If you’re anything like us, you spend more time driving your car than looking at it. So, here are the best car interior modifications you can make.

While it’s important to have a decent amount of power to play with and an entertaining chassis to deploy it all, the interior is arguably the most important part of your car. Well, kind of. It’s certainly the most everyday-noticeable, given that it’s where you sit when you’re driving the thing and you’ve got to have it nice in there. No matter how pretty or quick your ride may be, if it’s got a crummy cabin it’ll really take the edge off. Thankfully there’s all sorts you can do to spruce up a lackluster interior. The aftermarket can furnish you with endless options – and here are our top-ten moves to make it all a bit more splendid in there.

Best Car Interior Modifications


Steering wheel

You’ve got to have a decent wheel, as you’re holding onto it the whole time. The right diameter, the right thickness of the rim, these are all crucial considerations, and preferences are entirely personal. And there are so many steering wheel options to choose from on the aftermarket, with popular choices including the Momo Prototipo (pictured), Personal Grinta, Nardi Deep Corn and T&E Vertex JDM.

Shape is a consideration too – while older readers may vaguely recall the comedy that ensued when the Austin Allegro debuted the square ‘Quartic’ steering wheel, that’s no laughing matter any more – pretty much all OEM Aston Martin steering wheels are essentially square, for example. Meanwhile, flat-bottomed wheels have become the norm in any sporty car you care to name.
It’s worth bearing in mind that you’re very unlikely to find an aftermarket steering wheel with an airbag in it, and simply removing your stock wheel will illuminate your airbag warning light (which is an MOT failure, plus it’ll stop all the other airbags working) – here’s how you get around that.

Ford gearknob


Having an ergonomically pleasing knob is crucial, everyone knows that. Interestingly, this is one area of a car whereby it’s often actually advantageous to make it heavier; for instance, if you’ve got an Integra or Civic Type R with the stock metal gearknob (which is rather lovely in itself), you’ll find weighted aftermarket options available that make it more substantial, thereby improving the feel of the shift action.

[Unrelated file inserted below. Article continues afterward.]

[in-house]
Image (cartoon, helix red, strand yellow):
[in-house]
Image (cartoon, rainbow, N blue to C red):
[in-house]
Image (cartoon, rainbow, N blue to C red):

This is true of most cars – check out Kode for some cool options. What’s really important is to ensure that your choice is right for you, and also right for your car – for example, you might have a lift-up reverse or similar idiosyncrasy, and obviously you have to make sure it fits the shaft properly too… you don’t want it coming off in your hand at a crucial moment.

It’s not all about utility of course, aesthetics play a crucial role as well. Check out @builtbybasil, who makes custom gearknobs out of recycled skateboard decks!

The Pioneer Subaru BRZ modified audio car's head unit.

Head unit

Replacing your car’s stereo has been a go-to move for generations. But the game’s moved on a bit from simply swapping a single-DIN CD player with a bunch of dolphins swimming across the display. In a lot of modern cars, the infotainment is so deeply wired into the interface that you can’t just rip it out, although there are software improvements possible, and of course there’s the likes of Apple CarPlay and Android Auto to augment the experience. And slightly older cars can easily be brought into the modern age by swapping in a head unit that offers such features as CarPlay/Android, touchscreen, sat-nav, Bluetooth and DAB radio.

With both older and newer cars, these upgrades can allow you to open up a whole cornucopia of music from the likes of Spotify, Amazon Music and so on – it’s a world away from the old shoebox of cassettes under the passenger seat.

Pioneer speakers in a BRZ


Much like the head unit, it’s also been a power move from time immemorial to unscrew the tinny factory speakers and install something of higher quality and fidelity from the aftermarket. And while manufacturers are increasingly fitting better-quality speakers as standard, there are still always improvements to be made.

The question is, how far do you want to go? Drop-in replacements allow you to swap your factory speakers for standard-sized upgrades available off the shelf. That’ll instantly make things a little bit better. But perhaps you want to go more in-depth, and add more speakers in custom enclosures, which will require their own additional amplification. The sky’s the limit really – take a look at our handy guide here.

The seats have been re-upholstered in purple.

Seat retrim

This is an upgrade that’s going to make a huge difference to your interior experience. Yes, there are oodles of options out there to wholly replace your seats, but perhaps you don’t want to be strapping yourself into a bucket seat every time you pop out for a pint of milk or crawl through the traffic to work?